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In these challenging times, businesses have had to pivot to become ‘digital’ at a breakneck pace. Whether this means that your morning meetings have moved from the office to an online platform such as Zoom, or that your previously sit-in restaurant is now offering a takeaway delivery service, every business has experienced some form of change as a result of COVID-19.

By way of an example, Laynes Espresso, a marvellous coffee shop which first opened its doors to Leeds in 2011 (and counts the writer as one of its first overly enthusiastic customers. Hi Dave!) and has since expanded to offer breakfast and lunch, has, in their own words, had to “…completely flip the business model”. In order to adapt to the current climate, Laynes set up a coffee pickup point with socially distant queues and a designated spot. Since then, they have further adapted their approach to offer a delivery grocery store service, utilising the many courier options that Leeds has to offer.

Another Leeds-based example is Temple Donuts (which, being a local to our Leeds office, we can thoroughly recommend). Pursuant to the Government’s social distancing guidance, Temple Donuts ceased their collection and pre-ordering services and joined the Deliveroo community (for those of you who are not familiar with Deliveroo, they offer the delivery of food from an array of different restaurants and takeaways to your door).

Temple Donuts’ first day of deliveries via the Deliveroo service was on 20 April 2020 and it, quite literally, went down a treat, with roughly 3,500 orders placed. There was only one problem: Temple Donuts’ stock for that day was only enough to satisfy 160 orders. This means that the demand was 2,187.5% higher than the supply! This just goes to show what can be achieved when businesses are willing to keep up with the climate and look at the wider possibilities.

But what does this teach us?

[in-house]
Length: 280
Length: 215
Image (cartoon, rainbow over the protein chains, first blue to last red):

Well, it demonstrates that any business can enter the digital marketplace. This has been seen across the spectrum, be it closed down pubs offering to deliver barrels of beer and other goods to residential homes to mitigate their losses, or local hairdressers offering to deliver hair and beauty products to your door, no business needs to get left behind. It also, importantly, teaches us that it in these fast-changing times, it is easy to overlook the obvious.

It also reminds us about the law of unintended consequences. The ‘unknown unknowns’, will almost always apply to any innovation. There will be things that don’t quite go to plan when you’re breaking new ground…
However, that doesn’t mean you ought to give up before you start. Nor does it mean that you can’t anticipate or mitigate some of the bigger pitfalls. Using a risk-based analysis, and asking the right questions helps. Questions like:
  • Can our supply meet the demand? Whose problem is it if it can’t?
  • Is the other contracting party up to this/can they meet their contractual obligations/do they reflect our brand and values?
  • What is all this about the gig-economy anyway? Are our new hires contractors, employees or workers? And does it really matter?
  • Can anyone nick this idea? If so, can I protect it? Do I want to protect it, or do I want to make a difference not a profit?
  • Can I use some T&C’s I found on Google? I mean, what’s the worst that can happen?
So, if you’re thinking of taking your first, or next, step into the digital marketplace and would like a chat about what your risks might be and how you can reduce them please contact Ian McCann or Sarah Podesta for more information. 
 
2020 00 11
Ian Mccann
It is currently impossible to say when and how the coronavirus lockdown will be eased. However, one Government strategy paper sets out a potential path back to work for those currently unable to do so. Of course, this has not yet been formally adopted and so should be treated with extreme caution, but any inkling as to how things might develop in the future is perhaps useful at this most extraordinary time. The main features of such a policy might be as follows: